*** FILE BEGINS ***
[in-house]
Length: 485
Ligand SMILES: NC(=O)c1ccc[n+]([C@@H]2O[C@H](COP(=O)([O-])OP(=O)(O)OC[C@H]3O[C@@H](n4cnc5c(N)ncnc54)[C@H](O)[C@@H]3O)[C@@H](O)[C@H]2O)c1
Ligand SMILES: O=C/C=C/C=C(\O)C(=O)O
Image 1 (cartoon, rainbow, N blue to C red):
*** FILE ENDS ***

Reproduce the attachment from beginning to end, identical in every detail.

[in-house]
Length: 485
Ligand SMILES: NC(=O)c1ccc[n+]([C@@H]2O[C@H](COP(=O)([O-])OP(=O)(O)OC[C@H]3O[C@@H](n4cnc5c(N)ncnc54)[C@H](O)[C@@H]3O)[C@@H](O)[C@H]2O)c1
Ligand SMILES: O=C/C=C/C=C(\O)C(=O)O
Image 1 (cartoon, rainbow, N blue to C red):